Island Experience

Into the Whale’s World

Why whale watching in Washington State’s San Juan Islands should be on your bucket list

Seaplane Lands in Friday Harbor
Looking back at Friday Harbor, San Juan Island, Washington

On the kind of warm summer day where the world vibrates with life, I walked down to the docks with a couple of friends. We were there for a new experience—to see giants of the ocean in the wild. The air smelled of salt, seaweed and of frying fish and chips from the pub on the corner.  Our captain and naturalist were waiting by our ride for the day, an open-plan boat with outside seating and a cozy cabin, filled with snacks, if it got cool. We jumped onto the boat with about a dozen other excited people and backed out of the slip into the open harbor. On one side, the huge  Washington State Ferry, Samish, was pulling in from Anacortes. Above us, a yellow-and-white Kenmore Air floatplane from Seattle tipped its wings, preparing to land on the steely blue harbor.

Sea Lions, Photography by Jim Maya
Whale & Wildlife Watching, San Juan Island, Washington

An pelagic perspective

We moved out of the harbor and across Griffin Bay towards Cattle Point Lighthouse, with Lopez Island to our port side. There was a light wind, so it was cooler on the water, but still comfortable. The naturalist on board started to point out wildlife as we passed, slowing down and pulling past a huge rock. At first, I didn’t see anything—it just looked like a big, golden rocky island that rose less than 10 feet out of the water.

Then I saw it move. The whole island seemed to be moving. As we got a bit closer, I could see dozens of Steller sea lions lolling in the sun, and nearby, harbor seals lounged with their tails arched and taut, pointing their whiskered noses to the sky. The sea lions grumbled and shuffled for higher ground.

The boat continued north around the west side of San Juan Island, with Vancouver Island to our port side, and the naturalist pointed out bald eagle nests along the shoreline, and a few majestic birds floated on the updrafts from the water or perched stoically in the tops of Douglas fir trees.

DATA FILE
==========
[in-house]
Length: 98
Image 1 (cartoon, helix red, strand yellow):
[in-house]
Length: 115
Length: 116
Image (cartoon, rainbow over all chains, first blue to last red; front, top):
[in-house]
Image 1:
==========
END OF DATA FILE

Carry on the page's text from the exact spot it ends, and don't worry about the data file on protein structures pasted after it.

I began to hear excited chatter from my fellow passengers, and I turned around to see several large black dorsal fins rising and falling in and out of the water about thirty yards off our starboard bow.

Bigg's orcas by Mio Monasch
Bigg's orcas by Monika Wieland Shields, Orca Behavior Institute

Family togetherness

"Those are the T65A's," said the naturalist. "They're a family of Bigg's orcas, also known as transients, that regularly travel through the Salish Sea. They hunt for smaller marine mammals like seals, sea lions, and porpoises rather than fish.  The head of this matriline is T65A, affectionately known as 'Artemis,' and her five offspring.  All orcas are matrilineal, meaning Mom is the head of the house. Artemis’ oldest offspring is her son T65A2, and like his mom, he has an obvious notch in his dorsal fin that makes him easily recognizable. As with all adolescent male orcas, T65A2’s dorsal fin is growing quite tall and because of that he is referred to as a 'sprouter.'  While some orcas stay with their moms their whole lives, it is not uncommon in the culture of Bigg’s orcas for an individual whale to leave their family, either temporarily or for long periods. The oldest daughter in this family is a spunky whale and is often seen next to her oldest brother.  She was the only other female in this group until 2018, when Artemis gave birth to another female calf, T65A6. "

Bigg's orcas by Alissa Elderkin
Breaching Bigg's orca by Alissa Elderkin

There’s so much to learn about these animals in their natural habitat. There are laws here to protect the whales, keeping boats at least 200 yards away from these magnificent creatures. Orcas live in pods—and in this area surrounding the San Juan Islands, there are two ecotypes. The Bigg's orcas, like the family we've been watching, and the critically endangered Southern Residents that forage for Chinook salmon.  The vessel distance requirement for Southern Residents is 300 yards, and a go-slow zone of 7 knots within a half-nautical mile.   

For an hour, my friends and I watched as the little group swam back and forth, breached out of the water, flapped their flukes at each other, and kept us in awe of their charismatic energy. I noticed a symbiotic beauty to this shared experience. As these giants were living for the moment, so were my friends and I, simply by watching them in their world.

Find out about fun things to do in the San Juan Islands, and how you can go on a Whale and Wildlife Tour.